DVD begins final assault on videotape

DVD makers are trying to get manufacturers to back their rewriteable DVD technology, hoping to reap a fortune in royalties and put VCRs out of business.

When digital videodisks first went on sale three years ago, manufacturers only produced devices that could play prerecorded disks. Movie lovers grabbed them up by the millions, making DVD players one of the most rapidly accepted new products in consumer-electronics history. About 10 million will be sold in the U.S. this year.

But the promise of DVD as a replacement for videotape was limited by the expense of recording technology and disagreements over technical standards. Meanwhile, sales of VCRs are still rising, expected to finish the year up 5 percent to around 20 million units in the U.S.

Now, the cost of DVD recording technology has fallen to a few thousand dollars, low enough for affluent buyers and technophiles who tend to be the first buyers of any new technology product. Matsushita Electric Industrial Co. rolled out a $4,000 DVD recorder under its Panasonic brand to U.S. stores in August. And, next week, Pioneer Corp. will join the fray by introducing products at the Comdex computer convention in Las Vegas.

But their machines record disks in different, incompatible ways, just as the VHS and Beta formats do for videotape. Another company, Philips Electronics NV, has developed a third method for DVD "rewriteables," as the disks that can be recorded upon over and over are known. A fourth format, called DVD-R, permits DVDs to be recorded on only once. That format has been more broadly accepted by manufacturers. However, it wouldn't serve as a substitute for people who use the same videotape over and over to record missed TV shows.

So, manufacturers are gearing up for a marketing battle. Each is trying to get other manufacturers to back their rewriteable DVD technology, hoping to reap a fortune in royalties. "I don't know if there's any way we can avoid it," says Andy Parsons, senior vice president in Pioneer's U.S. new media unit. "We're all technology providers."

Rusty Osterstock, a general manager at Matsushita's U.S. unit, says, "There's a choice that's going to have to be made."

Retailers are unhappy about that prospect. Few want to risk winding up with expensive DVD recorders that have been rendered obsolete by market forces.

"We're going to hold back," says Bjorn Dybdahl, owner of Bjorn's Audio Video in San Antonio, an upscale store with a reputation for jumping on new technology quickly. "We'll do seminars for our customers about the products, but we're not going to get financially committed until the manufacturers settle on one system."

In the struggle, both Matsushita and Pioneer are reaching out to computer manufacturers after noticing that compact-disk recording took off when personal computers were equipped with recording drives. At Comdex, Pioneer will announce a DVD rewriteable drive that can be sold as an option for personal computers. Matsushita is touting the speed of its DVD rewriteable format.

Pioneer's DVD-RW and Matsushita's DVD-RAM are supported by the DVD Forum, a consortium of more than 200 manufacturers where technical issues are hammered out. The group earlier this year began working on a program called "DVD Multi" to reduce the incompatibilities.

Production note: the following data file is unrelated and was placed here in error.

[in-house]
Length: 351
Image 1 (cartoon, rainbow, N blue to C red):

For instance, the two companies address piracy and copyright-infringement worries differently. Pioneer is relying on the creation of two types of DVD disks, one for professionals and one for consumers. The consumer disk couldn't be used to record certain types of material, including prerecorded DVDs. The Matsushita product uses a special copyright-protection system that allows Hollywood studios to embed signals in a digital file that determines whether it can be copied.

Pioneer's format is designed to be played back on DVD players as well as its recording machines, while Matsushita's isn't. Philips says its format, known as DVD+RW, is also compatible with most DVD players. But it won't begin sales until the second half of 2001.

Meanwhile, other digital-storage technologies are developing rapidly.

The most direct challenge to DVD as a VCR replacement is the kind of machine that uses a computerlike hard drive to record images. Early versions of such machines, developed by Replay Networks Inc. and TiVo Inc., have been slow sellers.

Several manufacturers will use Comdex to show off new, higher-capacity versions of flash-memory cards. But these postage-stamp-size gizmos are used chiefly in digital music players and digital cameras, not for video recording.

TDK Corp. and Calimetrics Inc. will demonstrate a CD that can hold as many as three times as much data as ordinary CDs. The companies plan to sell a special recording drive to PC makers that can store data on the new CD as well as older CDs.

And DataPlay Inc., a Boulder, Colo., start-up has created an optical disk similar to a CD and DVD except that it is the size of a quarter. DataPlay's disk can hold about 80 percent of the digital data a CD can, enough for most record albums and short videos. The company plans to launch its product early next year, initially in digital audio players and digital cameras.

But none of these digital technologies hold immediate promise for use in the dens and TV rooms of most consumers. "The VCR has so many advantages," says Matsushita's Osterstock. "It's still a relatively strong business."


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